Cult and Culture
Computer Science (and related)
- Scott Adams: Dilbert
- Tom DeMarco: all books
- Kent Beck: eXteme Programming explained. Embrace Change
- Douglas K. Smith, Robert C. Alexander: Fumbling the Future. How
Xerox invented, then ignored, the first personal computer.
- J.S. Young: Steve Jobs - The Journey is the Reward.
- John Tracey Kidder: The Soul of a new Machine.
- Robert X. Cringely: Accidental Empires.
- Michael S. Malone: The Microprocessor - A Biography.
- Susan Lammers: Programmers at Work.
- Douglas Coupland: Microserfs.
- Eric S. Raymond (ed.): The New Hackers Dictionary.
- F.P. Brooks, Jr.: The Mythical Man-Month. Essays on Software Engineering.
- M. DeLanda: War in the Age of Intelligent Machines.
- J.P. Womack, D.T. Jones, D. Roos: Die zweite Revolution in der Autoindustrie. Konsequenzen aus der weltweiten Studie des MIT. (The machine that changed the world.)
- W.H. Davidow, M.S. Malone: The Virtual Corporation.
- D. Dörner: Die Logik des Misslingens.
- Katie Hafner and Matthew Lyon: Where Wizards Stay Up Late. The Origins of the Internet.
- Rama D. Jager, Rafael Ortiz: In the Company of Giants. Interviews with Steve Jobs (Apple, NeXT, Pixar), T.J. Rodgers (Cypress), Gordon Eubanks (Symantec), Steve Case (America Online), Scott Cook (Intuit), Sandy Kurtzig (ASK), John Warnock/Charles Geschke (Adobe), Michael Dell (Dell), Charles Wang (Computer Associates), Bill Gates (Microsoft), Andy Grove (Intel), Trip Hawkins (Electronic Arts/3DO), Ed McCracken (Silicon Graphics), Ken Olsen (Digital), Bill Hewlett (HP).
- Garr Reynolds: Presentation Zen
- Robert C. Martin: The Clean Coder
- Eric Evans: Domain-Driven Design
- Douglas Adams: The Hitch Hiker's Guide to the Galaxy.
- Terry Pratchett: Discworld.
- William Gibson: Neuromancer.
- John Brunner: The Shockwave Rider.
- Isaac Asimov: The Caves of Steel.
- George Orwell: 1984
- Norman Spinrad: Bug Jack Barron; The Men in the Jungle.
- Robert Silverberg: The Book of Skulls; Dying Inside.
- J.P. Hogan: Inherit the Stars.
- Arthur C. Clarke: 2001 - A Space Odyssey.
- Blade Runner
- Dark Star
- Life on Mars
- Blues Brothers
- Life of Brian
- House M.D.
- The Big Bang Theory
Best Processor: Z80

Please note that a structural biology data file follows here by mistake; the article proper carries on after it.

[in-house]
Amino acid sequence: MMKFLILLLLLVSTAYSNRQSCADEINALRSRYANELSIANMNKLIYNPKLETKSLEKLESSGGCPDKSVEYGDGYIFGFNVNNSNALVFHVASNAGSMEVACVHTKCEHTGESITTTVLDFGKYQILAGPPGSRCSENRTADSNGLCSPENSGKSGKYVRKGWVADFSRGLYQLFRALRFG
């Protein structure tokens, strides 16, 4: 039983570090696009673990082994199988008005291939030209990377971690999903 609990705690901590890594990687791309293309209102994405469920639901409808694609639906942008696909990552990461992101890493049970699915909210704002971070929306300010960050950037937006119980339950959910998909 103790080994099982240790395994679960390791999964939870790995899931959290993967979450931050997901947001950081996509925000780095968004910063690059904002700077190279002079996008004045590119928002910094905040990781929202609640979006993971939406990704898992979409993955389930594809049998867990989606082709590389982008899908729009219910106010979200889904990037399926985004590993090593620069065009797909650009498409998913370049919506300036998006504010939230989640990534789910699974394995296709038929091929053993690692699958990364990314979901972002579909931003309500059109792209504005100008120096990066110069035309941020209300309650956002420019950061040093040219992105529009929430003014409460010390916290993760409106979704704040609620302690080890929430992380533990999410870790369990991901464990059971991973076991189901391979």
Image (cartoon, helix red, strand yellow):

- I loved XOR A, LDIR and self-modifying code (nowadays called `reflection').
Best Computer: TRS-80 and clones (especially Genie I, Genie IIs, Genie IIIs)
Many thanks to Uwe Böker (Genie IIs) and Helmut Bernhardt (redesign for HD64180)!
- There's nothing like directly manipulating 3C00h-3FFFh!
- 12 KB ROM provided (cassette) operating system,
programming language (BASIC interpreter) and programming environment (line editor)!
- 48 KB RAM could never be filled.
- Club 80
- Documentation of Genie computers
Best Operating System: NEWDOS 80
- Working with granules to optimize the use of SS/SD disks (102 Kb)!
Second Best Operating System: CP/M
- Never again have I seen something so clearly separated as BIOS, BDOS and CLI.
- Writing my own BIOS for the Genie IIs was real fun - no reading in computer science could teach me as much as this!
Best Graphics: 128x48 green/black (or interchangeably amber/black)
- Perfectly used by Starfighter and by Stephen Arps (3D torus with hidden lines - amazing!).
- Skat (written in Basic without any graphics, I have never been able to teach him playing Null games).
- All text-based adventures - that was real imagination.
Best Tool: Scripsit
- Word is nothing against this real text processor - working with 48 Kb of RAM!
- I disassembled and reassembled it - what a hack!
Best `Higher' Programming Language (not useful for `real programmers'): Turbo Pascal for CP/M
- replaced and improved by Turbo-Modula-2 for CP/M (thank you, Niklaus Wirth!)
Once in the early eighties I read an essay in `80 micro' (or some other TRaSh-80 magazine).
The author (sorry, I forgot his name) started to worry about his way of life when he realized
that he was trying to solve the problems with his wife using assembler programming.
This startled me and I began to think about my way of living.
After years of thinking I came up with a conclusion: I switched to Turbo-Pascal.